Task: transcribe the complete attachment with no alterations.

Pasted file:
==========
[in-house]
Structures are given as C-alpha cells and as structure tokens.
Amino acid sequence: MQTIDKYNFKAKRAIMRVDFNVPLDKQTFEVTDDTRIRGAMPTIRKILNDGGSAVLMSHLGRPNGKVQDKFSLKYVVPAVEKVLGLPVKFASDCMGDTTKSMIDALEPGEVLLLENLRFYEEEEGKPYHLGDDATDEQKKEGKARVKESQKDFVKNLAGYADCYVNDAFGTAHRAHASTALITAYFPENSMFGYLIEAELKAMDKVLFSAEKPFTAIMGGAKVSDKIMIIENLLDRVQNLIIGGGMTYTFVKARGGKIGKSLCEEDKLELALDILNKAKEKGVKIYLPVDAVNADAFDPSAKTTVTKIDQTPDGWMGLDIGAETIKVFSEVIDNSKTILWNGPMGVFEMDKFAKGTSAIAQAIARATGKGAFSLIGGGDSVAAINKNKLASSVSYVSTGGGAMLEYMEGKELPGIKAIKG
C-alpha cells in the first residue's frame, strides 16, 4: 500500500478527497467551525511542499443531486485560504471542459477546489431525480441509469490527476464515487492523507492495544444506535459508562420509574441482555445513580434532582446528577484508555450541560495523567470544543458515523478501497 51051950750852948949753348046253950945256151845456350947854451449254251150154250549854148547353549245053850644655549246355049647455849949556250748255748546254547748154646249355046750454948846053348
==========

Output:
[in-house]
Structures are given as C-alpha cells and as structure tokens.
Amino acid sequence: MQTIDKYNFKAKRAIMRVDFNVPLDKQTFEVTDDTRIRGAMPTIRKILNDGGSAVLMSHLGRPNGKVQDKFSLKYVVPAVEKVLGLPVKFASDCMGDTTKSMIDALEPGEVLLLENLRFYEEEEGKPYHLGDDATDEQKKEGKARVKESQKDFVKNLAGYADCYVNDAFGTAHRAHASTALITAYFPENSMFGYLIEAELKAMDKVLFSAEKPFTAIMGGAKVSDKIMIIENLLDRVQNLIIGGGMTYTFVKARGGKIGKSLCEEDKLELALDILNKAKEKGVKIYLPVDAVNADAFDPSAKTTVTKIDQTPDGWMGLDIGAETIKVFSEVIDNSKTILWNGPMGVFEMDKFAKGTSAIAQAIARATGKGAFSLIGGGDSVAAINKNKLASSVSYVSTGGGAMLEYMEGKELPGIKAIKG
C-alpha cells in the first residue's frame, strides 16, 4: 500500500478527497467551525511542499443531486485560504471542459477546489431525480441509469490527476464515487492523507492495544444506535459508562420509574441482555445513580434532582446528577484508555450541560495523567470544543458515523478501497 51051950750852948949753348046253950945256151845456350947854451449254251150154250549854148547353549245053850644655549246355049647455849949556250748255748546254547748154646249355046750454948846053348